They battled through storms, heat and rough waves.
They had barely enough sleep and were physically and mentally exhausted.
But for the 32 rowers who took part in Mission Row Around Singapore Island 2015, it was all worth it.
The 24-hour charity rowing expedition has so far raised $500,000 of its $750,000 target for the Mission to Seafarers charity, which helps sailors who face loneliness and personal problems in their months away at sea.
The 140km journey around the island - the first such charity event - began at 11am on Wednesday.
Two Cornish pilot gigs, each with six rowers and a coxswain, were used, with rowers assigned shifts of two hours. When they were not rowing, they rested in a flotilla accompanying the boats.
Rough waves and strong winds were among their early problems.
"We had very, very choppy waters and wind against us that were very challenging," said 42-year-old maritime lawyer Iain Anderson. "You're rocking all the time and it's hard to keep your oars in the water."
However, the biggest obstacle came about nine hours into their journey.
"We had a big electrical storm," said 57-year-old dietitian Alison Carpenter, the oldest rower in the team. "That was extremely frightening. Our boats filled up with about 50-60cm of water."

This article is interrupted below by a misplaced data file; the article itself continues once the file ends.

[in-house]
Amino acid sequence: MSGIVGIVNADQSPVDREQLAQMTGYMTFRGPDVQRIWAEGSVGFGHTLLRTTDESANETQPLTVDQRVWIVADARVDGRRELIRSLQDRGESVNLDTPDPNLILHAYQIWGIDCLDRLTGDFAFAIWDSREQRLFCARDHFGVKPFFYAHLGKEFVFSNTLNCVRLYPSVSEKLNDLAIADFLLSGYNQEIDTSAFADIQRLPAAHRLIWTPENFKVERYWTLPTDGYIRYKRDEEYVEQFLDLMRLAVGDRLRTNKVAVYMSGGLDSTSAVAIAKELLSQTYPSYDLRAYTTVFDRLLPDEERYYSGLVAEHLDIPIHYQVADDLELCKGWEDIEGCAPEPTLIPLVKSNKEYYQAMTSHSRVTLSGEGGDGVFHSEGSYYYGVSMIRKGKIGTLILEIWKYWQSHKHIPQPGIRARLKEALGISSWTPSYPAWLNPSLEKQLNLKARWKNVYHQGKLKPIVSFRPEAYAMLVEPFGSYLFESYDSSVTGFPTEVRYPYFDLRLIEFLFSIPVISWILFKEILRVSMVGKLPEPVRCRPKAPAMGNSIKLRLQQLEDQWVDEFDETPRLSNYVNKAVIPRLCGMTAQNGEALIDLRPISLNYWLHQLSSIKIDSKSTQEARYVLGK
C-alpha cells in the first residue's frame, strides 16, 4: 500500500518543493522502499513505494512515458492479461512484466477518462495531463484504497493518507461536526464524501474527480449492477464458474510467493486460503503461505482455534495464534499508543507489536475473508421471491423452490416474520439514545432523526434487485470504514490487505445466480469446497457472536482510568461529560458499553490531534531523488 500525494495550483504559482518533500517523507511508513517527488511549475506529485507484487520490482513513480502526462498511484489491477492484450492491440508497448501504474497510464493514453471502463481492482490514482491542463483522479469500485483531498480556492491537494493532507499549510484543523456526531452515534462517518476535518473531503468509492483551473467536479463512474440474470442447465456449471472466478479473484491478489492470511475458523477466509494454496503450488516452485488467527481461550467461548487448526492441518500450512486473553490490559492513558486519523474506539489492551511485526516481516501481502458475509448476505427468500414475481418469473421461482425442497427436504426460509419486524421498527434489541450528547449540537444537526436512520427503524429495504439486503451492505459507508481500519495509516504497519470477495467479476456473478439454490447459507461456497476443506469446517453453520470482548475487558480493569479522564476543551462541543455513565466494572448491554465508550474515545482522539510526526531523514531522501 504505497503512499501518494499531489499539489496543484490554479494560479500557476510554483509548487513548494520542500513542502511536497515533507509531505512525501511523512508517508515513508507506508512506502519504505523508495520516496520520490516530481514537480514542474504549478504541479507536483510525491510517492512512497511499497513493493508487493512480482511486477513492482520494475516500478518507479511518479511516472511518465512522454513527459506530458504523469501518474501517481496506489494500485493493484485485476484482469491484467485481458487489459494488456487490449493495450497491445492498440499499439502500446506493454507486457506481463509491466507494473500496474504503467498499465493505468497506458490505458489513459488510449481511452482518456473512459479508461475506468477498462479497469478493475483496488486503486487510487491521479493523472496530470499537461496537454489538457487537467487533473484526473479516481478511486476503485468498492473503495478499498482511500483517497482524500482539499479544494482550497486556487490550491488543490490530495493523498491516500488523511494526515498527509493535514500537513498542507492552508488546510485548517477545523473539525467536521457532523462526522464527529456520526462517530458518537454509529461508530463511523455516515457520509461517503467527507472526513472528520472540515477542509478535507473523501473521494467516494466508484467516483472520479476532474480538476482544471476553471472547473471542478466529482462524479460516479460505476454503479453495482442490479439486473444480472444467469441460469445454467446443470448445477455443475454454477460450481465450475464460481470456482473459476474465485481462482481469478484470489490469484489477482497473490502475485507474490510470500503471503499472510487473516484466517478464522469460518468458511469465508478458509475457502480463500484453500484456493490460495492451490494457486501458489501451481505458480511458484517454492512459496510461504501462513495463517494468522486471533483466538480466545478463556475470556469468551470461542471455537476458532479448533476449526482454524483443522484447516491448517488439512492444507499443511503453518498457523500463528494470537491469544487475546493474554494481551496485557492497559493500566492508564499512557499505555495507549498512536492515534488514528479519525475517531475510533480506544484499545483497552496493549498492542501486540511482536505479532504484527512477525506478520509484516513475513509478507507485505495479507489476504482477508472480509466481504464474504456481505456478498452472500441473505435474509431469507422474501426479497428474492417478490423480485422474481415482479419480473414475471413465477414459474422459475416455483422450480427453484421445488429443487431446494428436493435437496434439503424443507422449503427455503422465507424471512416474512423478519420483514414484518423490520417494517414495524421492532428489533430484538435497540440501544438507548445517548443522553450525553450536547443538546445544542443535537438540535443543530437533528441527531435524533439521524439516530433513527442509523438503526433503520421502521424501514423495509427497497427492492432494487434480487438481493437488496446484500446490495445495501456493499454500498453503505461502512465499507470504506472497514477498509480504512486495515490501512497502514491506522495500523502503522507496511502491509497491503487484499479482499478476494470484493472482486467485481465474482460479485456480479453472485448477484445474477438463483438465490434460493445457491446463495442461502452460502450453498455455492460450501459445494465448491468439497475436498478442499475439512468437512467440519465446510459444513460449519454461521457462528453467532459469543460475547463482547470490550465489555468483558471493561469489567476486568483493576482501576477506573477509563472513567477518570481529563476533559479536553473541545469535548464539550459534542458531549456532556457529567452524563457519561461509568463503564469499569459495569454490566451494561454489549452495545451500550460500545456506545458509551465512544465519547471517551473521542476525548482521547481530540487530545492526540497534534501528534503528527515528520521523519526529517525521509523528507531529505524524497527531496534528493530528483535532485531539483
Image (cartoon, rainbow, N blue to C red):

For safety reasons, the rowers got out of their boats and sought shelter in the support vessels until the weather cleared. "I almost fell asleep at the oar," said insurance broker Lewis Hart, 45. "But we rallied together and it was absolutely fantastic. It's such a good cause."
They completed their journey around 11.40am yesterday.
Fund-raising efforts will continue until May 9.
Following the success of this event, plans for a similar charity expedition in 2017 are under way.
The Mission to Seafarers provides practical and emotional support to sailors from all over the world.
The president of its Singapore arm, Mr Lee Wai Pong, 59, said: "(Our help is) extended to all seafarers, irrespective of their race or religion."
This article was first published on April 24, 2015.
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